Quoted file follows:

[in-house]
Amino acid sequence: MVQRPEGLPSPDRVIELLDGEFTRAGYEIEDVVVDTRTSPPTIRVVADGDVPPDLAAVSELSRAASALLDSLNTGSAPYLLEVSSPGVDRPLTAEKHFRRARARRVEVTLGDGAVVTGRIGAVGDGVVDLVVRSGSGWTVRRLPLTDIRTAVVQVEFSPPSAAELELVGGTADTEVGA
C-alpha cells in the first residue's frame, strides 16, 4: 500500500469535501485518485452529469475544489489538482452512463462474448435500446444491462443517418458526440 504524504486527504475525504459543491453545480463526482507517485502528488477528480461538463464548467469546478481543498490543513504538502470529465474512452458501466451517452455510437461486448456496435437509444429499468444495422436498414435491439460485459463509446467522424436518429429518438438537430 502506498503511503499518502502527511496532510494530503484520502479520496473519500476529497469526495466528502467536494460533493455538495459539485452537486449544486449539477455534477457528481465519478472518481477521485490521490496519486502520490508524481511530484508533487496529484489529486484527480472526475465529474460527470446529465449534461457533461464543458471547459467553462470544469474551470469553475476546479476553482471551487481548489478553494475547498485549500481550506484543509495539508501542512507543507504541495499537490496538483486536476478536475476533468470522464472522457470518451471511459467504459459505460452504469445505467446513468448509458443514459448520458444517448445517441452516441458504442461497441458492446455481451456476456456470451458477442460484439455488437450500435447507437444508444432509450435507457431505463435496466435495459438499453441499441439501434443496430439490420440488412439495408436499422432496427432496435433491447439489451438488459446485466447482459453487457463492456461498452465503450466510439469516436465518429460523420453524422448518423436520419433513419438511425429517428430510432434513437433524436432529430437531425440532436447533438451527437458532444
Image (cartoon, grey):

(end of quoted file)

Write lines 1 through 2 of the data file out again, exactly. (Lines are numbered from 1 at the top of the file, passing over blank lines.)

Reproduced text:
[in-house]
Amino acid sequence: MVQRPEGLPSPDRVIELLDGEFTRAGYEIEDVVVDTRTSPPTIRVVADGDVPPDLAAVSELSRAASALLDSLNTGSAPYLLEVSSPGVDRPLTAEKHFRRARARRVEVTLGDGAVVTGRIGAVGDGVVDLVVRSGSGWTVRRLPLTDIRTAVVQVEFSPPSAAELELVGGTADTEVGA